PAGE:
Dunno quite what to make of something Te Ururoa Flavell has been bleating about.
According to a newspaper report Alf read today, he was banging on about some outfit called Maori Inc.
Moreover, he was offering the leaders of this organisation some commercial advice.
But what is the extent of his commercial experience?
That would depend on what he did before becoming an MP, one imagines.
Mrs Grumble checked that out at Wikipedia:
He trained as a teacher, and taught at the secondary and tertiary level for many years. He later held a number of roles in the education sector, including school principal, and then worked as a consultant to various government agencies.
So what can business leaders learn from a teacher?
Well, they should put less emphasis on song-and-dance routines and get out and sell.
Business leaders need to put more than just a song and a haka on the global stage to capitalise on the Maori brand, Maori Development Minister Te Ururoa Flavell says.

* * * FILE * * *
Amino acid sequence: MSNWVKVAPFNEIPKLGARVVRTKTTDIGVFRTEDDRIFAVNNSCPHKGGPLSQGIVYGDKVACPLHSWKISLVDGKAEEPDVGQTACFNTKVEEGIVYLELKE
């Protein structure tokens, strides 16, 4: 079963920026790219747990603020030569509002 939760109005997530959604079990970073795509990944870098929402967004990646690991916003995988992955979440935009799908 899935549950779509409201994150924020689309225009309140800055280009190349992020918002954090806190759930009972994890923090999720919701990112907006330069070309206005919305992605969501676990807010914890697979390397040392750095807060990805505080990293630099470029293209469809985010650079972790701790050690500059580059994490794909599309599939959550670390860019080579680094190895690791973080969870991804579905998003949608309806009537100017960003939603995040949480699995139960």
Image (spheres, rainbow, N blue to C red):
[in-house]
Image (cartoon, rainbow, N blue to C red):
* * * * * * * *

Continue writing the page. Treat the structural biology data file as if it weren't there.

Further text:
Flavell happens to be an associate minister for economic development, of course, which puts him higher up the pecking order than Alf.
And so he should be taken seriously when he says Maori culture gives New Zealand a competitive edge, but kapa haka performances only scratch the surface of what Maori Inc have to offer.
“My view is this country has missed out on capturing what it means to have that Maori Inc associated with us,” Flavell said.
“Far too often we go overseas and do a haka and say ‘kia ora’ and all of that sort of carry-on, but still don’t appreciate that the X factor for this country is the Maori factor.”
Flavell was in Waikato this week, it seems, as part of a tour of the regions to speak with Maori business operators, Whanau Ora providers, ministry staff “and the community”.
The community should be pretty much everybody so let’s wish him well with that.
Especially when he says something puzzling
Here’s an example:
He said Maori had been locked out of the overseas opportunity, but it was part of the economic development strategy to take Brand Maori to the world.
How have they been locked out, exactly?
Has other countries put up racially discriminatory trade barriers that specify Maori goods would be unwelcome?
Not so silly, he discussed Maori business opportunities for growth and said small-to-medium businesses were important in the overall strategy.
“Everything doesn’t just rest with big companies,” he said.
it seems to boil down to advising the bosses of Maori Inc and all its subsidiaries that if they want to make a buck, they should get off their bums and go and make it.
What would be astonishing is that we have business people who don’t know that already.